Federalism at Work


THOMAS JEFFERSON, Letter To John Adams, 1819

The federal entity created by the Constitution is by far the dominant feature of the American governmental system. But the system itself is in reality a mosaic, composed of thousands of smaller units -- building blocks which together make up the whole. There are 50 state governments plus the government of the District of Columbia, and further down the ladder are still smaller units that govern counties, cities, towns and villages.

This multiplicity of governmental units is best understood in terms of the evolution of the United States. The federal system, it has been seen, was the last step in an evolutionary process. Prior to the Constitution, there were the governments of the separate colonies (later states) and prior to those, the governments of counties and smaller units. One of the first tasks accomplished by the early English settlers was the creation of governmental units for the tiny settlements they established along the Atlantic coast. Even before the Pilgrims disembarked from their ship in 1620, they formulated the Mayflower Compact, the first written American constitution. And as the new nation pushed westward, each frontier outpost created its own government to manage its affairs.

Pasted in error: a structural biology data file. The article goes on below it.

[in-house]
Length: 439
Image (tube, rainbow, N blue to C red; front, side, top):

The drafters of the U.S. Constitution left this multilayered governmental system untouched. While they made the national structure supreme, they wisely recognized the need for a series of governments more directly in contact with the people and more keenly attuned to their needs. Thus, certain functions -- such as defense, currency regulation and foreign relations -- could only be managed by a strong centralized government. But others - - such as sanitation, education and local transportation -- belong mainly to local jurisdictions.